Bridge VLAN Configuration

A VLAN is separately administrated virtual network within the same physical managed network. VLANs are broadcast domains defined to allow control of broadcast, multicast, unicast, and unknown unicast within a Layer 2 device.

For example, say several computers are used in conference room X and some in conference Y. The systems in conference room X can communicate with one another, but not with the systems in conference room Y. The creation of a VLAN enables the systems in conference rooms X and Y to communicate with one another even though they are on separate physical subnets. The systems in conference rooms X and Y are managed by the same single device, but ignore the systems that aren't using same VLAN ID.

Administrators often need to route traffic to interoperate between different VLANs. Bridging VLANs are only for non-routable traffic, like tagged VLAN frames destined to some other device which will untag it. When a data frame is received on a port, the VLAN bridge determines the associated VLAN based on the port of reception. Using forwarding database information, the Bridge VLAN forwards the data frame on the appropriate port(s). VLAN's are useful to set separate networks to isolate some computers from others, without actually having to have separate cabling and Ethernet switches. Controllers and service platforms can do this on their own, without the need to know what VLAN it's on (this is called port-based VLAN, since it's assigned by port). Another common use is to put specialized devices like VoIP Phones on a separate network for easier configuration, administration, security or service quality.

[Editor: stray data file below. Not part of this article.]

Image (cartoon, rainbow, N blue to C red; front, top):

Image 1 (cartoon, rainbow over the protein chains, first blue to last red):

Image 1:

To define a bridge VLAN configuration:

  1. Go to Configuration → Devices → System Profile .

    The Profile screen displays. This screen lists access point profiles.

  2. Select a profile from those listed on the screen. The selected profile's configuration menu displays.
  3. Expand the Network node and select Bridge VLAN. The Bridge VLAN Main screen displays. This screen displays existing Bridge VLAN configurations.
    Click to expand in new window
  4. Review the following VLAN configuration parameters to determine whether an update is warranted:


    Lists the numerical identifier defined for the Bridge VLAN when initially created. The available range is from 1 - 4095. This value cannot be modified during the edit process.


    Lists a description of the VLAN assigned when it was created or modified. The description should be unique to the VLAN's specific configuration and help differentiate it from other VLANs with similar configurations.

    Edge VLAN Mode

    Defines whether the VLAN is currently in edge VLAN mode. A green checkmark defines the VLAN as extended. An edge VLAN is the VLAN where hosts are connected. For example, if VLAN 10 is defined with wireless clients, and VLAN 20 is where the default gateway resides, VLAN 10 should be marked as an edge VLAN and VLAN 20 shouldn't. When defining a VLAN as an edge VLAN, the firewall enforces additional checks on hosts in that VLAN. For example, a host cannot move from an edge VLAN to another VLAN and still keep firewall flows active.

    Trust ARP Response

    When ARP trust is enabled, a green checkmark displays. When disabled, a red "X" displays. Trusted ARP packets are used to update the IP-MAC Table to prevent IP spoof and arp-cache poisoning attacks.

    Trust DHCP Responses

    When DHCP trust is enabled, a green checkmark displays. When disabled, a red "X" displays. When enabled, DHCP packets from a DHCP server are considered trusted and permissible. DHCP packets are used to update the DHCP Snoop Table to prevent IP spoof attacks.

  5. Select Add to define a new bridge VLAN configuration, Edit to modify an existing bridge VLAN configuration or Delete to remove a VLAN configuration.